Sunday

9th Aug 2020

Opinion

Crunch time for EU lobby register

  • Around 6,000 organisations are listed in the EU transparency register (Photo: europarl.europa.eu)

The EU lobby register is currently being reviewed and transparency campaigners are demanding that MEPs and the European Commission shine a spotlight on Brussels' secret lobbyists.

It's more than two years since the parliament and commission jointly launched the EU Transparency Register. Since then, nearly 6,000 registrants have joined and commissioner Maror Sefcovic, the commissioner responsible, has said : “I believe that our efforts in the area of transparency are at the leading edge of most public bodies in the world”.

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And yet. As research by the Alliance for Lobbying Transparency and Ethics Regulation (ALTER-EU) coalition pointed out earlier this year, thousands of organisations remain outside the voluntary lobby register, including some of the corporate world's big names: ABN-Amro Bank, Adidas, Delhaize, Janssen Pharmaceutica N.V., Rio Tinto plc, Time Warner and many others.

Virtually all law firms that lobby on behalf of industry clients have not signed up either. Meanwhile, many of the companies and organisations that do register, fail to provide comprehensive, accurate and up-to-date information on their activities.

And there is no real sanction for this non-compliance: commissioners and commission officials continue to meet with unregistered lobbyists. As just one example, of the lobby meetings held by the commissioner for economic and monetary affairs Olli Rehn in 2011, 62 percent were with unregistered bodies.

The only way for this situation to drastically improve is for the lobby register to become mandatory, as the European Parliament voted in May 2011. All citizens should have the right to know who is trying to gain influence on EU politics, with what budget, on which issues and on whose behalf.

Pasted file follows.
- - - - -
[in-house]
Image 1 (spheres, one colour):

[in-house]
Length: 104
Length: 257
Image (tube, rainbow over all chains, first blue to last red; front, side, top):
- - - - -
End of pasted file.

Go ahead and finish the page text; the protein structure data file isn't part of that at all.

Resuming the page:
And until the new register completes its journey through the EU's complex decision-making process, interim measures should be put in place to firmly tighten up on the existing rules, including banning those commission meetings with unregistered lobbyists.

According to Article 298 of the EU treaty, all European institutions must be supported by an open, efficient and independent administration, and they “shall establish provisions to that end”. A mandatory lobby register would seem to be very much in keeping with this.

The existing lobby register is currently under review by MEPs and the commission, in a process chaired by Rainer Wieland MEP, the Parliament's Vice President for Transparency issues. Ironically, it is not easy to find out about their deliberations but it is a unique opportunity to introduce much-needed reforms.

However, the mood music emerging from within the review group is not positive. Antonio Gravili, a spokesman for commissioner Sefcovic, is quoted as recently saying: “I’m not sure that the aim [of the review] is to make significant changes…it’s more a finetuning in light of the first two years of experience.”

Meanwhile, Rainer Wieland has set out his ambitions for the review of the register as increasing the number of registrants and getting the EU Council involved. Of course these are important points, but the most effective way to increase the number of registrants would be to make the register mandatory and to force those who lobby in the shadows out into the spotlight of transparency.

That's why ALTER-EU has launched an e-petition to demand that the 20,000 lobbyists in Brussels are properly regulated. We need to shine a spotlight on secretive and unethical lobbying and ensure that Wieland's review group recommends the adoption of an ambitious - and mandatory - lobby register.

The writer works at the Brussels-based Corporate Europe Observatory

Disclaimer

The views expressed in this opinion piece are the author's, not those of EUobserver.

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